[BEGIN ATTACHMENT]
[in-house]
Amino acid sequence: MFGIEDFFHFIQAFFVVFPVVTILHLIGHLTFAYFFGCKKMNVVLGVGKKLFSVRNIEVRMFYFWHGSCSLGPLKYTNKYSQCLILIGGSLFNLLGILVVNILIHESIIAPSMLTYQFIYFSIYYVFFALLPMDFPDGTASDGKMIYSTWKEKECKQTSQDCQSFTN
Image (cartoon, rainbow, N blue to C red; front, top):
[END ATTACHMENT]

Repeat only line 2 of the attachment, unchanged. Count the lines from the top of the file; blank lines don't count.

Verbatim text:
Amino acid sequence: MFGIEDFFHFIQAFFVVFPVVTILHLIGHLTFAYFFGCKKMNVVLGVGKKLFSVRNIEVRMFYFWHGSCSLGPLKYTNKYSQCLILIGGSLFNLLGILVVNILIHESIIAPSMLTYQFIYFSIYYVFFALLPMDFPDGTASDGKMIYSTWKEKECKQTSQDCQSFTN